Quick Start Guide¶
This section demonstrates how to quickly set up a simulation for a simple E-I network of conductance based neurons using MIIND. A rudimentary level of python experience is needed to run the simulation. In most cases, MIIND can be installed via Python pip. The code for this example is given in full here but can also be found at https://github.com/dekamps/miind/tree/windows_pip_support/examples/quick_start. Once MIIND is installed, it can also be loaded into a working directory with the following command:
$ python -m miind.loadExamples
In the examples/quick_start directory, the generateCondFiles.py script can be run to generate the simulation files, cond.model and cond.tmat:
$ python generateCondFiles.py
The contents of generateCondFiles.py is given below. The two important parts of the script are the neuron model function, in this case named cond(), and the call to the MIIND function grid_generate.generate(). When run, the script generates two files, cond.model and cond.tmat.
import miind.grid_generate as grid_generate def cond(y,t): E_r = -65e-3 tau_m = 20e-3 tau_s = 5e-3 v = y; h = y; v_prime = ( -(v - E_r) - (h * v) ) / tau_m h_prime = -h / tau_s return [v_prime, h_prime] grid_generate.generate( func = cond, timestep = 1e-04, timescale = 1, tolerance = 1e-6, basename = 'cond', threshold_v = -55.0e-3, reset_v = -65e-3, reset_shift_h = 0.0, grid_v_min = -72.0e-3, grid_v_max = -54.0e-3, grid_h_min = -1.0, grid_h_max = 2.0, grid_v_res = 200, grid_h_res = 200, efficacy_orientation = 'h')
The cond() function should be familiar to those who have used Python numerical integration frameworks such as scipy.integrate. It takes the two time dependent variables defined by y and y and a placeholder t parameter for performing a numerical integration. In the function, the user may define how the derivatives of each variable are to be calculated. The generate() function requires a suitable time step, values for a threshold and reset if needed, and a description of the extent of the state space to be simulated. With this structure, the user may define any two dimensional neuron model. The generated files are then referenced in a second file which describes a network of populations to be simulated. The second file, cond.xml, describes an E-I network which uses the files generated by generateCondFiles.py.
<Simulation> <WeightType>CustomConnectionParameters</WeightType> <Algorithms> <Algorithm type="GridAlgorithm" name="COND" modelfile="cond.model" tau_refractive="0.0" transformfile="cond_0_0_0_0_.tmat" start_v="-0.065" start_w="0.0" > <TimeStep>1e-04</TimeStep> </Algorithm> <Algorithm type="RateFunctor" name="ExcitatoryInput"> <expression>800.</expression> </Algorithm> </Algorithms> <Nodes> <Node algorithm="ExcitatoryInput" name="INPUT_E" type="EXCITATORY_DIRECT" /> <Node algorithm="ExcitatoryInput" name="INPUT_I" type="EXCITATORY_DIRECT" /> <Node algorithm="COND" name="E" type="EXCITATORY_DIRECT" /> <Node algorithm="COND" name="I" type="INHIBITORY_DIRECT" /> </Nodes> <Connections> <Connection In="INPUT_E" Out="E" num_connections="1" efficacy="0.1" delay="0.0"/> <Connection In="INPUT_I" Out="I" num_connections="1" efficacy="0.1" delay="0.0"/> <Connection In="E" Out="I" num_connections="1" efficacy="0.1" delay="0.001"/> <Connection In="E" Out="E" num_connections="1" efficacy="0.1" delay="0.001"/> <Connection In="I" Out="E" num_connections="1" efficacy="-0.1" delay="0.001"/> <Connection In="I" Out="I" num_connections="1" efficacy="-0.1" delay="0.001"/> </Connections> <Reporting> <Display node="E" /> <Display node="I" /> <Rate node="E" t_interval="0.001" /> <Rate node="I" t_interval="0.001" /> </Reporting> <SimulationRunParameter> <SimulationName>EINetwork</SimulationName> <t_end>0.2</t_end> <t_step>1e-04</t_step> <name_log>einetwork.log</name_log> </SimulationRunParameter> </Simulation>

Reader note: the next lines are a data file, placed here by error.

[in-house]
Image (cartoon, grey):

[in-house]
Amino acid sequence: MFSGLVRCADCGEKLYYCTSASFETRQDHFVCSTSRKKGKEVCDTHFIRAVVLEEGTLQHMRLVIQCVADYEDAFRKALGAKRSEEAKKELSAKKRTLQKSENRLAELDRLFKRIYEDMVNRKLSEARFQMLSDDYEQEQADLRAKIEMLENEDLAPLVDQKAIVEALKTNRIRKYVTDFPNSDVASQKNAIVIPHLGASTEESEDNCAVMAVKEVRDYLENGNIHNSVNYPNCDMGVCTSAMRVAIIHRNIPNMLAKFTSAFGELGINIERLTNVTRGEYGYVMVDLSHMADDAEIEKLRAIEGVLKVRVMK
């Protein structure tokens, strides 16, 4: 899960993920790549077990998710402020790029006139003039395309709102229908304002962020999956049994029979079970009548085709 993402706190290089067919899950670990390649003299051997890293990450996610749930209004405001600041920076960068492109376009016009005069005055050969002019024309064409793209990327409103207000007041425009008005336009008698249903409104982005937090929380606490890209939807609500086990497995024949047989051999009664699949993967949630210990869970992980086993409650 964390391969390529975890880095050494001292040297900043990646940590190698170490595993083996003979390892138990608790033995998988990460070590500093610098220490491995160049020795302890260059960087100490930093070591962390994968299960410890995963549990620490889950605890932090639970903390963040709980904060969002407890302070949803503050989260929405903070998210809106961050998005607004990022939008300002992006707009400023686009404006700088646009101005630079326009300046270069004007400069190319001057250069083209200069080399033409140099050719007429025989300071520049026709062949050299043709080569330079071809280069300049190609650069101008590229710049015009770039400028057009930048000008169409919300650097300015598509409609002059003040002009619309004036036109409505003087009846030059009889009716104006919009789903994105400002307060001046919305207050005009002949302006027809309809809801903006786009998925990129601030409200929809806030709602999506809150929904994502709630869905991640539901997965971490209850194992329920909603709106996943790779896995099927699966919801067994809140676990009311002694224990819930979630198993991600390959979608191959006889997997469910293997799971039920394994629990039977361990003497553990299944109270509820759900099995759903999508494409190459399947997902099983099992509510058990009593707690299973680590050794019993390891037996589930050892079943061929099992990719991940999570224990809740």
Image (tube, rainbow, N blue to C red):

The Algorithms section is used to declare specific simulation methods for one or more populations in the network. In this case, a GridAlgorithm named COND is set up which references the cond.model and cond.tmat files. A RateFunctor algorithm produces a constant firing rate. In the Nodes section, two instances of COND are created: one for the excitatory and inhibitory populations respectively. Two ExcitatoryInput nodes are also defined. The Connections section allows us to connect the input nodes to the two conductance populations. The populations are connected to each other and to themselves with a 1ms transmission delay. The remaining sections are used to define how the output of the simulation is to be recorded, and to provide important simulation parameters such as the simulation time. By running the following python command, the simulation can be run:
$ python -m miind.run cond.xml
The probability density plots for both populations will be displayed in separate windows as the simulation progresses. The firing rate of the excitatory population can be plotted using the following commands:
$ python -m miind.miindio sim cond.xml $ python -m miind.miindio rate E
Finally, the density function of each population can be plotted as a heat map for a given time in the simulation:
$ python -m miind.miindio plot-density E 0.12